That’s why I sometimes I suggest a new reader to start with “Forge of Darkness”. If you are uncertain, whether or not to commit. You could start from the proper beginning, but you’ll have to dig, probably for a long time before you find those themes. Forge of Darkness is not an introduction, but it can be read on its own without prior knowledge. It might feel that you’re missing pieces you’re meant to know about, but you have to trust the text. The book is confusing even for veteran Malazan readers, in some cases even more because it plays around by scattering some expectations. You can go in blind, but read slowly, give it thought. Malazan is not a page turner, even if it has page turning scenes. Mull on the paragraph you’ve just read, not thinking about it only after you’re done. Dig for meaning.

Forge of Darkness is a brooding, mysterious book, but it has its themes on the front, explicit. Impossible to miss. You want to know what it’s all about without reading a million of pages, then it’s all here, wrapped up and well presented. One book, even if part of a trilogy it’s sufficiently self contained. Not an easy read, but it’s there, and you’ll see it.

But I wanted to go further. Condense more, to a point. What is Malazan about?

“Secret… to show… now.”


(This link includes two scenes, one from book 2 Prologue, one from book 7 Prologue. Six pages in total. No spoilers. You can read these without knowing anything else. The images are taken from Amazon previews.)

I read this prologue and this scene many months ago, but I immediately realized… This is Malazan, right here. Just three pages. It’s everything.

A woman walks up to this cliff. For the reader this is a blank page. You get the description of strong winds, the ocean beyond. Agitated waters. You get a mention of a Meckros City that sunk there. If you are new to the series you know nothing about it, but me, Malazan reader, don’t know all much more beside that these people built floating cities on the sea. So they knew how to be out in the ocean, and the fact they sunk here leaves an ominous feel about the place.

Like a painting, a white canvas, you add detail. Brush strokes. This vast open space in the ocean. You follow with your mind a small fisher boat, blown off course to these treacherous waters. Miraculously surviving the experience and reaching the shore. But something is missing from the picture. Something like a shadow, looming on the scene. Depending on what you use, there’s always an exclusive, irreplaceable quality. For example, in a movie you can use some tricks, but you show what you have to. The attention goes where it has to. But in a book, you control everything. You decide what is or isn’t there. Here you believe what you’re told. You have an ocean dominating the canvas, and then your attention is drawn to a tiny boat, thinking it’s the center, when it is instead pushed to the margin. There’s a giant shadow that dominates the canvas… but no perception of it. Just… A sense of urgency. A secret… to show.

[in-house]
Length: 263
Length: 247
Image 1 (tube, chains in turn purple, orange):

The wind pushes her away, she endures. Drawn to this shadow. Some more details seep in, but the scene is interrupted by “a presence at her side”. A distraction. A merchant she completely ignores. He makes his presence known, loudly. He’s ignored again. The shadow is there, like a tear in reality. The wind rushing out of it, from a different world (a warren).


He tries to shake her as if she’s asleep or in a trance. She didn’t turn to him, she didn’t acknowledge his presence. It’s the shadow that draws her. And bit by bit, it is revealed. Half a million people that just vanished.

It’s already all here for me. The way a mystery is shaped, the choice of what is and isn’t shown, the momentum leading to the revelation. The contemplation, and an environment that takes shape to become a character. Telling its story, piece by piece. The sense of urgency that builds up… for something already happened, already over. The scene, beside the wind, is quiet. You don’t need to read 500 pages for the solution, in two/three pages you get both the set up and the pay off. A book of 900 pages, in a series of 10 book, and you get the pay off in three fucking pages. The mystery isn’t inflated and built by pretense, it’s there. Immediate. Fully delivering its awe. And when the answer comes, to fully deliver its promise (what is she seeing, why does the sight chill her?) you get an opening for more. It’s just an introduction.

And, why not? We see a woman, commanding the military, ignoring and then bossing around a rich, probably powerful merchant. There is no emphasis about any of this. It just is.

(imo, this scene already has too much dialogue, too many asides. It could have used less. Erikson, who’s never generous, already gives too much. Erikson works better the more he’s entrenched. Going the opposite way. Say less.)